Sunday, February 26, 2012
Chevalet Mechanic Tips
I love fast cars and I love fast chevalets. I am fortunate to own a fast car and I am also fortunate to have a stable of chevalets. The primary difference is that I pay a mechanic to work on my car, but I am the mechanic for the chevalets. That is probably because the car is German and the chevalets are French. This seems weird to me today, as I reflect on my life, since I passed my language proficiency in college in German, and never took a class in French in my life. However, my French is much better than my German (unless you ask my partner, Patrice, what he thinks...something I usually avoid.)
Back to the point. Owning a few marquetry cutting tools requires a bit of normal maintenance. Now that others in this country are discovering the advantages of this unique tool, it might be instructive to pass on some tips for the owner/user to make their experience more enjoyable. When I have classes, I spend a bit of my time adjusting these tools for the students, and there are some normal things to consider to keep them working properly.
The first question is: does the size of the chevalet fit the worker? Traditionally, the worker would build his own tool, so it would be built to fit his sitting height, and whether he was right or left handed. The height (or size) of the chevalet is measured in metric centimeters from the top of the seat to the blade, when the saw is resting in the chops. In the school I have 6 different sizes, from 54cm (the size illustrated in Pierre's book) to the largest which is 61cm. That is about a 3" difference in height. The best height for a worker is determined by where the saw sits relative to the body, when the worker is sitting normally on the bench. The saw should be at about the same height as the base of the neck, or the collar bone. The reason is that to adjust the saw blade tension the worker pulls the frame together with his arm, pressing the knob of the saw against his shoulder. Thus, it should be low enough for that to be comfortable. At the same time, it needs to be high enough for the worker to see the blade in front of his eyes when sawing.
If the tool is not the right size, then it is often possible to replace the wood jaws of the clamp to better fit the worker.
The next step is to determine if the saw is cutting exactly perpendicular to the work. That test is done from time to time, or when it seems that the tool is no longer cutting properly. Use a piece of wood about 1/2" thick, and I prefer tulip poplar, since it is easy to cut. Mark the piece "front" and cut a keyhole test. Pierre describes this test in his book on page 207. The test cut should pass easily in and out of the wood from either side. If the top edge is not parallel, then an adjustment is made to the horizontal support for the saw carriage. If the cylinder is cone shaped then the adjustment is to the vertical. Note that there is a relationship between both the vertical and horizontal adjustment. Usually, it is mostly one and a little of the other. Continue cutting test pieces until it works properly. Another tip: using a very small blade makes this adjustment more accurate, before using a larger blade to cut the project.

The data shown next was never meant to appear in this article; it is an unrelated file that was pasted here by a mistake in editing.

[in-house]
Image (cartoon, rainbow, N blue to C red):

When the tool is new, it is normal for the saw frame to work properly in a horizontal plane. Over time it is common for the saw frame to warp or the chevalet arm to bend slightly. It doesn't take much deflection to change the accuracy of the cut. That is why older chevalets have a saw carriage tilted up on the vertical adjustment, which you would think is bad. Not so. The only thing that matters is if the test cut is proper at the face of the jaws.
There is another adjustment that I make from time to time. Since the packet is manipulated around the saw blade, it is important that the chops or clamps press only in the center, where the blade is cutting. If the clamps grab the packet on the edges, then the pivot point is moved away from the blade and it is more difficult to get a smooth cut. Thus, I take a piece of paper (see photo above) and put it only in the center of the jaws and clamp it shut with my feet. It should grab. Then I test the paper on the edges of the jaws and it should pass freely. To make this work, I use sandpaper or a rasp to remove some wood from the jaws on the edges, so they only press in the center.
Finally, when I sit down to cut, there is usually dust on the sliding rod for the saw carriage. I wipe it clean with a rag and add a small drop of oil to the bushing. I also add a drop to the pivots at each end of the carriage which allow it to operate smoothly. These pivots should not be tight. There should be a little "end play" in the pivots to allow the carriage to swing easily.
Following these tips should make the driving experience more enjoyable. Remember, speed counts, but don't go so fast that you go off the line and crash the project.
I'm thinking of either a seat belt or air bags for my chevalet??